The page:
One Senator is Putting Pressure on Pharmaceutical Companies

Claire McCaskill

While U.S. politicians have historically left pharmaceutical organizations alone and have even, in fact, flowed them power, one U.S. Senator is making waves by doing the exact opposite. In fact, this U.S. Senator is going after huge, multi-billion dollar pharmaceutical manufacturers and distributors alike for the hand they have played in the creation and the continuation of the opioid addiction epidemic.

Senator Claire McCaskill, a Democrat from Missouri, was able to prove through her investigation that Insys Therapeutics committed extremely illegal acts for profit. Insys Therapeutics manipulated authorization for its own fentanyl drug without proper compliance from authorizing bodies. This became the tip of the iceberg that was McCaskill’s investigation into Big Pharma. McCaskill wanted to expose the part that the pharmaceutical giants played in the creation and the continuation of the opioid epidemic, and so far the Senator has been doing a very good job at this.

McCaskill Vs. Big Pharma

Senator McCaskill had long been an adversary on the political floor to pharmaceutical lobbyists, insisting that pharmaceutical manufacturers were making highly addictive drugs that were not in patients’ best interests and that Congress should stop supporting those efforts. According to McCaskill:

“There is extensive evidence that Insys aggressively pressured its employees and the entire medical system to increase the use of a fentanyl product during a national epidemic that was taking the lives of tens of thousands of Americans a year in order to make more money—it’s hard to imagine anything more despicable…”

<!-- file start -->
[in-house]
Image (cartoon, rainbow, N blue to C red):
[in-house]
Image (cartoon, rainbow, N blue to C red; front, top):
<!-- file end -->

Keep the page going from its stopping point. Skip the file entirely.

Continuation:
There is extensive evidence that Insys aggressively pressured its employees and the entire medical system to increase the use of a fentanyl product during a national epidemic that was taking the lives of tens of thousands of Americans a year in order to make more money—it's hard to imagine anything more despicable. Their attempts to manipulate the prescription approval process for this drug appear to have been systemic, and anyone responsible for this manipulation deserves to be prosecuted.

Subsys is a high-strength, fentanyl-based opioid pain reliever that was made for cancer patients only. However, McCaskill’s investigators were able to prove that Insys Pharmaceuticals’ employees manipulated the authorization documents to read that Subsys could be prescribed to non-cancer patients, patients who suffered from every-day pain problems like back pain, fibromyalgia, migraines, jaw pain, etc.

And as if that wasn’t bad enough, McCaskill was able to prove that Insys Pharmaceuticals misrepresented and lied about Subsys from the get-go, all to get the original authorization for the drug, which they then manipulated! These are high crimes, terrible acts of manipulation and profiteering, all acts that should be fully prosecuted.

Insys Pharmaceuticals is not the only pharmaceutical company that Senator McCaskill has gone after either. She has also initiated inquiries into:

  • Purdue Pharmaceuticals
  • Johnson & Johnson
  • Mylan
  • Depomed
  • Mallinckrodt
  • Endo
  • Teva
  • Allergan
  • McKesson Corporation
  • AmerisourceBergen Corporation
  • Cardinal Health

About one-hundred and fifteen Americans die from overdoses on opioids every single day. According to the Centers for Disease Control and Prevention, sixty-four-thousand Americans died from opioid overdoses in 2016, and numbers for 2017 have not even been fully recorded yet. The opioid addiction issue, along with other drug overdoses, is now the leading cause of accidental death in the United States and the third leading cause of preventable death in the United States, behind only smoking and obesity.

Protest poster against pharmacy companies.
(To preserve privacy, the photo does not show the people featured in this article. Photo by Heidi Besen/

The CDC measures a three-hundred percent increase in opioid prescribing since 1999. As prescribing trends for opioid painkillers have increased every year since the turn of the century, so have overdose deaths and addiction rates. The culprit here is an obvious one, and Senator McCaskill has seen the writing on the wall better than most.